PhD position

PhD-project in electrophysiology: Closed-loop Transcranial Electric Stimulation of Neural Networks in a Rodent Model of Psychosis Transition.

Publication date: June 17, 2020

Location: Strasbourg (France)

Patients suffering from schizophrenia develop resistance to chemical treatments. Transcranial electrical stimulation (TES), a non-invasive neurophysiological approach, has been shown to alleviate some symptoms, to improve cognitive performances, and to modulate the corticothalamic connectivity. The goal of the project is to optimize a combination of stimulation parameters that make it efficient for the TES against the psychosis transition using predictive electrical biomarkers. In healthy humans and rodents, ketamine reproduces, with a single psychotomimetic dose, the abnormal amplification of corticothalamic gamma-frequency (30-80 Hz) oscillations recorded in individuals having a high-risk mental state for a psychosis transition. Gamma oscillations are naturally involved in cognition, which is also disrupted in at-risk patients. It was demonstrated that the ketamine-induced gamma hyperactivity is prevented by the antipsychotic clozapine.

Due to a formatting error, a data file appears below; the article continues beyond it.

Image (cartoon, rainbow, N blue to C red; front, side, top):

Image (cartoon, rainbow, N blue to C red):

The Ph.D. student will experimentally investigate the TES in the ketamine rodent model of psychosis transition. In an attempt to optimize a combination of stimulation parameters with potential preventive/curative effects, the Ph.D. student will develop and build up a closed-loop feedback system that controls the TES optimally using a Kalman filter.



Requested skills:

The ideal candidate will have a strong background in neuroscience, preferably with experience in in-vivo electrophysiological techniques, mathematical and statistical skills for data analysis (EEG and cellular), and basic knowledge in numerical programming and neural modelling.

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